Blue Ridge Parkway.jpg

Day 6:

Old World Coffee for bagel breakfast then off again to the Blue Ridge Parkway. Did an off road 2 hour hike from the Folk Art Centerto a rock ledge that overlooked Haw Creek (part of the Mountains-to-Sea Trail). Then we drove to another trail head at the Tanbark Tunnel for another two hour uphill hike to the remnants of Rattlesnake Lodge. First, we took what looked to be the trail and hiked through the wilderness until finally turning around. Came back and met a seventy something year old couple (take a look into the mirror moment) who showed us the trail head across the street. We broke for lunch at a small water fall/stream before starting over. Afterwards, took a little siesta at the hotel with some Chardonnay and appetizers. On the way to dinner, we passed though Pack Square Park and noticed a women standing motionless … and topless … while being sketched. Another casual evening at Mamacitas/ Baja Kitchen for Lobster Tacos and Veggie Enchiladas w/ pumpkin mole sauce along with Margaritas por favor! Drove to the very upscale Grove Park Inn and sat outdoors on the lower terrace for coffee & dessert. The place is so massive that we got lost trying to find our way out after walking down to the spa/waterfalls.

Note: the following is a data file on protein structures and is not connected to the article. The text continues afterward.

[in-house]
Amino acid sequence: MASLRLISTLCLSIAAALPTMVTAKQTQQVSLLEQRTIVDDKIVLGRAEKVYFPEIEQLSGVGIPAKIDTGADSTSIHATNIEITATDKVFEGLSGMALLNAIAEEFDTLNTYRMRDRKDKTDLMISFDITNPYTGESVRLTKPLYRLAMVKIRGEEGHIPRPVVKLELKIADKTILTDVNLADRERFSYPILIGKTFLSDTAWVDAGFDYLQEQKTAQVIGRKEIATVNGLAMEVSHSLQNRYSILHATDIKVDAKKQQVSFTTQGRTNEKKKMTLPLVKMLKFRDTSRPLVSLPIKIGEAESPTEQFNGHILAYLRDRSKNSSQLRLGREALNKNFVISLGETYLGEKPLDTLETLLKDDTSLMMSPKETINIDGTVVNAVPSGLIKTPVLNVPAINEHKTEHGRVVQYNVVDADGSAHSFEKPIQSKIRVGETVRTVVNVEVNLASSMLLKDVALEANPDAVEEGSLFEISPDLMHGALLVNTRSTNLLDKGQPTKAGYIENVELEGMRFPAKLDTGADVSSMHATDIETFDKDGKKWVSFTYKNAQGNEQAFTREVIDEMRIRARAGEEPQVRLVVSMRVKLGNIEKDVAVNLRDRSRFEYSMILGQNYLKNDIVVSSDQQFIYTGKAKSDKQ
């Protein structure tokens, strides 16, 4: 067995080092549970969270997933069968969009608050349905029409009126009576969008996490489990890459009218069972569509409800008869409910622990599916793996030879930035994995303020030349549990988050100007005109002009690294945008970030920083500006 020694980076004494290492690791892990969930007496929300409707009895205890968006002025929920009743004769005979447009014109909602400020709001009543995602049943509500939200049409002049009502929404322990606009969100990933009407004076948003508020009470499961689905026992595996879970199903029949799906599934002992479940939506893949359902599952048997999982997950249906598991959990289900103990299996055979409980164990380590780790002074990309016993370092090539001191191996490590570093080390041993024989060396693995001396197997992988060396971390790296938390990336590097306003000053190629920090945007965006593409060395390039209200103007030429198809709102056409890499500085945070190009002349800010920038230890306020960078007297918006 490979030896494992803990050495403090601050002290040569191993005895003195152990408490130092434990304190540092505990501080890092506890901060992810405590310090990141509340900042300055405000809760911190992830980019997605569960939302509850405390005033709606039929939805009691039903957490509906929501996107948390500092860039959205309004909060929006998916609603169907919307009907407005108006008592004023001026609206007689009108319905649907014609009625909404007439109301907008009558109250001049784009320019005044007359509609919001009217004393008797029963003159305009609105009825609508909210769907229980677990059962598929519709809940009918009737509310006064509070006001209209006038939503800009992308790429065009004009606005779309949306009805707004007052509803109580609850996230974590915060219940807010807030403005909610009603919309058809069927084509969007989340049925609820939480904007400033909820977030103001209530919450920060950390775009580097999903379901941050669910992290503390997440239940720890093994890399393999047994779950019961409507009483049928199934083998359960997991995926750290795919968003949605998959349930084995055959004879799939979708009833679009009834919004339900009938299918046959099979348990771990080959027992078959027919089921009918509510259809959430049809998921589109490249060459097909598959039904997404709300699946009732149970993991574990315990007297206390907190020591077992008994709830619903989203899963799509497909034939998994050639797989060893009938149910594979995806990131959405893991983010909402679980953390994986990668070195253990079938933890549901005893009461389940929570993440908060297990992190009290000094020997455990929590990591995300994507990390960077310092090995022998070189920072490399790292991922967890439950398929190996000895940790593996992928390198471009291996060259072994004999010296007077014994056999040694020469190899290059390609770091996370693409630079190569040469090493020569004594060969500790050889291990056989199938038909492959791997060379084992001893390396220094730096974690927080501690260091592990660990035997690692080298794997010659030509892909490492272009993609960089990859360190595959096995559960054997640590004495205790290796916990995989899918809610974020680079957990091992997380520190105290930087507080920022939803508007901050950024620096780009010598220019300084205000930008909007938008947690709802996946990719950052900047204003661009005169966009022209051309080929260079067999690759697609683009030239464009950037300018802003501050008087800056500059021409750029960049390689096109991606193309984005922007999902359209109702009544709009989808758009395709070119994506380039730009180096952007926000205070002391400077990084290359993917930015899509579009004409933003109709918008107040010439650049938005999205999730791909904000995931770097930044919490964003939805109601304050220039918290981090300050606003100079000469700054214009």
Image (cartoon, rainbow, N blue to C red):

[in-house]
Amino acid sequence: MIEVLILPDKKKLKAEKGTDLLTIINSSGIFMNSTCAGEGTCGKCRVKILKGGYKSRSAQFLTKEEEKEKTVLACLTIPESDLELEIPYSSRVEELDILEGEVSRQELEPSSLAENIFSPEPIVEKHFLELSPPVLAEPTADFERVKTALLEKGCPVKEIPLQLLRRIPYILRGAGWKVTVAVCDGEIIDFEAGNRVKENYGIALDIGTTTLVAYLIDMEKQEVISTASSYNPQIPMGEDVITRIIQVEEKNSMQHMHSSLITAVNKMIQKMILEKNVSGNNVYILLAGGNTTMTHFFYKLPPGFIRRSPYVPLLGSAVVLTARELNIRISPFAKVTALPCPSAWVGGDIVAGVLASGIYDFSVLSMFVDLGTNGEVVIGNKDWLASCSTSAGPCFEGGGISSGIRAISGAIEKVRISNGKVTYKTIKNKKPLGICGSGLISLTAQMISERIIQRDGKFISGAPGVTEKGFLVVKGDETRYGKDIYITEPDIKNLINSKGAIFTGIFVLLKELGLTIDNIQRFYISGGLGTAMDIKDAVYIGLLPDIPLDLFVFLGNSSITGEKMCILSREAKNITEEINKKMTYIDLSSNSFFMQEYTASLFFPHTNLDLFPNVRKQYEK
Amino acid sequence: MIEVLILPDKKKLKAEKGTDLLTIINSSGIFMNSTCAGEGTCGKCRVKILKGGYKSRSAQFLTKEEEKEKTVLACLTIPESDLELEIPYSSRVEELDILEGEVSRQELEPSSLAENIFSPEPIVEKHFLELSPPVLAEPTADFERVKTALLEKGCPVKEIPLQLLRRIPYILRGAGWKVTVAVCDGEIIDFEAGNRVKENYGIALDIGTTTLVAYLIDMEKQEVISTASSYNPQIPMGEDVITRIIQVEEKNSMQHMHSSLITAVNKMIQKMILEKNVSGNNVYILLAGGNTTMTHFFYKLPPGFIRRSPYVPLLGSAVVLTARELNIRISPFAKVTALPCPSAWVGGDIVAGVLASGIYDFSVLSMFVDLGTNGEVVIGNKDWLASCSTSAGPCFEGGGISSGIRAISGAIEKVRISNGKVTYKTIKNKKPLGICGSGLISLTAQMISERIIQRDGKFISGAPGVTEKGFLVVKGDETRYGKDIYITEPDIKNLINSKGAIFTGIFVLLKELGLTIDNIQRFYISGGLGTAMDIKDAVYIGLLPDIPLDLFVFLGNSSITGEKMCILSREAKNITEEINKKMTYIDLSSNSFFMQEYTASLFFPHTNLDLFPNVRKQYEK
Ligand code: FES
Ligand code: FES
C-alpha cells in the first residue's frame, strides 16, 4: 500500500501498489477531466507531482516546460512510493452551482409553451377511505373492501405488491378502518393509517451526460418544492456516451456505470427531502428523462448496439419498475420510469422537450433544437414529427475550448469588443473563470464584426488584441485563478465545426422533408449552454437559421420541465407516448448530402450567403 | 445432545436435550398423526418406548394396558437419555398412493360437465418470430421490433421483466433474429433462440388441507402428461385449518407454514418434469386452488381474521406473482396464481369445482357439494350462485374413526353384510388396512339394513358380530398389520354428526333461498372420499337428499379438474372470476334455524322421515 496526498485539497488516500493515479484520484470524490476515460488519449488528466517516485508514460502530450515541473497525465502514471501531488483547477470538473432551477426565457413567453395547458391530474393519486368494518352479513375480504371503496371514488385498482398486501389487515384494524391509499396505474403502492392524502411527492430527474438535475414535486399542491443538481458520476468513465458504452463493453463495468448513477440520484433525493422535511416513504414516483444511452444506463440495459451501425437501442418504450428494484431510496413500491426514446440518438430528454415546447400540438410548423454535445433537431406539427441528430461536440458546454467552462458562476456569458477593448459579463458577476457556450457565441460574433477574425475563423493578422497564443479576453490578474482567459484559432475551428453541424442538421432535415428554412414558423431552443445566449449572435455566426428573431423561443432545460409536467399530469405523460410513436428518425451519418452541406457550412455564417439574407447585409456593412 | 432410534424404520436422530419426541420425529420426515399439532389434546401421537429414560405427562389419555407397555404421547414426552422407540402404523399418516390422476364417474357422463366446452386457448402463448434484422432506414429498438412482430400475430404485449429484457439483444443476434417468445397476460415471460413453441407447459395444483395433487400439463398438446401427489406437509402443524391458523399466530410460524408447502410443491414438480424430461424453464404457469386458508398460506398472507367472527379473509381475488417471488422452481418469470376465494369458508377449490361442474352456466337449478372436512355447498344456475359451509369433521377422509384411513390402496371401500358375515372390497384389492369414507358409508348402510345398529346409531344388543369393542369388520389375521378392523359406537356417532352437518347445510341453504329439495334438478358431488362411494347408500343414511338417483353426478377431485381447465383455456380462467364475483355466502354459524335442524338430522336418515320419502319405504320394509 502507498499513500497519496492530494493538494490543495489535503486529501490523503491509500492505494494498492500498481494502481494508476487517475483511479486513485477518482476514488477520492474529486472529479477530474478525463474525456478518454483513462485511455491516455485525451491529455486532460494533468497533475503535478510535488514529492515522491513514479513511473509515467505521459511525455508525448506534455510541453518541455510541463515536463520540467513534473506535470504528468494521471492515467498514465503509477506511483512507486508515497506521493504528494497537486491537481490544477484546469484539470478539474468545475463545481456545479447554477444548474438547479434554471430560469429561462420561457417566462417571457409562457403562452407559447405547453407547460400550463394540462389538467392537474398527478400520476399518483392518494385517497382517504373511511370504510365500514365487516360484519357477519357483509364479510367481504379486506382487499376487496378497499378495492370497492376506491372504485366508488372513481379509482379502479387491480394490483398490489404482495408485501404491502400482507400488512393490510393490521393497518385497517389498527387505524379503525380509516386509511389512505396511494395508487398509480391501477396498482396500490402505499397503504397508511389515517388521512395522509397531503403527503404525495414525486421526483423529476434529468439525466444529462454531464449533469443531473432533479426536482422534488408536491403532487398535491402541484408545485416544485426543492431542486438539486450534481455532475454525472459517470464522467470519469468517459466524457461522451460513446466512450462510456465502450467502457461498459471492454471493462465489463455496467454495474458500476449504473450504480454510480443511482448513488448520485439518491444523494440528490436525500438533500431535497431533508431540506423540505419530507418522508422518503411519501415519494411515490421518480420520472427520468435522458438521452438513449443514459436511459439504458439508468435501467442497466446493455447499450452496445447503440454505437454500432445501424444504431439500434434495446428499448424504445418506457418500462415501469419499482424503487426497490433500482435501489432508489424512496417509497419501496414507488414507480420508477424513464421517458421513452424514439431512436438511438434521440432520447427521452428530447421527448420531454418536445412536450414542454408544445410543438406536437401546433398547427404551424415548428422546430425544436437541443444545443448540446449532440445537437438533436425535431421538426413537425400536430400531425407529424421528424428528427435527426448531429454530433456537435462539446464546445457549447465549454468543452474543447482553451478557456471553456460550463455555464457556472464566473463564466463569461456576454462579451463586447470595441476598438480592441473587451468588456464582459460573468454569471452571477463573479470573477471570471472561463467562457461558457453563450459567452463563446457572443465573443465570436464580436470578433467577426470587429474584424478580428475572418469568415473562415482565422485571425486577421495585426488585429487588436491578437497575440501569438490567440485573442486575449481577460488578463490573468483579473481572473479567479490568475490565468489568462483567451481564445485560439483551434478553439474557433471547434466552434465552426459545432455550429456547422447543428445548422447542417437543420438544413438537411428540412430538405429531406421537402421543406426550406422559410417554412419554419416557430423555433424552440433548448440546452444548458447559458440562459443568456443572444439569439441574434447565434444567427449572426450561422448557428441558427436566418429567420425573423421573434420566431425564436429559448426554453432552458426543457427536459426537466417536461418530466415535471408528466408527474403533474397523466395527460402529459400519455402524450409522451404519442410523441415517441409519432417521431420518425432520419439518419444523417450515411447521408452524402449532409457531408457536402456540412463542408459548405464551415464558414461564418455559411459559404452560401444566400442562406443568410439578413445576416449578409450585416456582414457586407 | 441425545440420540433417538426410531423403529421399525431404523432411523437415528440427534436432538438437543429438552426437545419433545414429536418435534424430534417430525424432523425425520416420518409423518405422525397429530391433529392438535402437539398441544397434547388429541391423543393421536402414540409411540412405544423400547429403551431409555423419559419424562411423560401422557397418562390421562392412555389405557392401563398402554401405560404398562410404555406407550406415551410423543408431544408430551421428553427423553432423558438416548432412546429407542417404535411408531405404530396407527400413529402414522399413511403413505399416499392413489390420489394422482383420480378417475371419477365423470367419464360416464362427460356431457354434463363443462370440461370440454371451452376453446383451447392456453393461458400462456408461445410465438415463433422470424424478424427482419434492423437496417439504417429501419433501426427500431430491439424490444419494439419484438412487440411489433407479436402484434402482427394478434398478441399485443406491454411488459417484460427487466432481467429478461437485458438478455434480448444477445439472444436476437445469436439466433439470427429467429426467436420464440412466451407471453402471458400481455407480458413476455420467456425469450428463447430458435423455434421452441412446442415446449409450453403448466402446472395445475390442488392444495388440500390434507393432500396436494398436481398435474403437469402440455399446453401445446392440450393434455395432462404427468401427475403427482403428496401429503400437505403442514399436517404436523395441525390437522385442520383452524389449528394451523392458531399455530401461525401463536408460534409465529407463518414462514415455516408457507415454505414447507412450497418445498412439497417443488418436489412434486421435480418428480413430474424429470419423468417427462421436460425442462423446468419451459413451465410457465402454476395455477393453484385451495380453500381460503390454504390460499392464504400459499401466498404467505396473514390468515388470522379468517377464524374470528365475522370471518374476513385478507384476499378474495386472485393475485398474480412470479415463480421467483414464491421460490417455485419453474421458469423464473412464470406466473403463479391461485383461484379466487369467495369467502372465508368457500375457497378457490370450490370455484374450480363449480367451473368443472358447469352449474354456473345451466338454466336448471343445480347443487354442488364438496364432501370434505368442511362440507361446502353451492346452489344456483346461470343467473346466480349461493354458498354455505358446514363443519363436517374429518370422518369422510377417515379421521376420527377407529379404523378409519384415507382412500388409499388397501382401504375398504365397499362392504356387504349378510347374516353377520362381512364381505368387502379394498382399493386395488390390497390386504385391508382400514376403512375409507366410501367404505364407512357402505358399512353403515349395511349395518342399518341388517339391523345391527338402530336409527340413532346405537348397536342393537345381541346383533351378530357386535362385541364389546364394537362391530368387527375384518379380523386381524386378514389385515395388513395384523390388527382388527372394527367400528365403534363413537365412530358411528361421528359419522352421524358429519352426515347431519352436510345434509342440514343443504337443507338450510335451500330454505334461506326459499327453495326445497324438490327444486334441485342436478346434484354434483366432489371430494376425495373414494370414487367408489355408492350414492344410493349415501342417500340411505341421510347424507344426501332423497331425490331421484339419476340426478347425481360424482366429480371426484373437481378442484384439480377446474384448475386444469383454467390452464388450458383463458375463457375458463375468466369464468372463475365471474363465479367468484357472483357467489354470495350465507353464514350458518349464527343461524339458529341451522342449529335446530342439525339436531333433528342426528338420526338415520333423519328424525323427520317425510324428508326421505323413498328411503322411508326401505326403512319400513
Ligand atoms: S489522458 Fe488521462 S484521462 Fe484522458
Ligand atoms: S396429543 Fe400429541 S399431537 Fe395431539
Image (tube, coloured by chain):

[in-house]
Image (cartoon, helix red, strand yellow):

Triple Falls.jpg

Day 7: